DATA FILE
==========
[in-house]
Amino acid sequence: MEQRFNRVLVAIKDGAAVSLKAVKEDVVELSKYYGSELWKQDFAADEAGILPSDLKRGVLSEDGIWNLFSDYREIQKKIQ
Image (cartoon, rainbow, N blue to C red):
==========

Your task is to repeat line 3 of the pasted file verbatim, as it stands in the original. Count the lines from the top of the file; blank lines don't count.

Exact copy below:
Image (cartoon, rainbow, N blue to C red):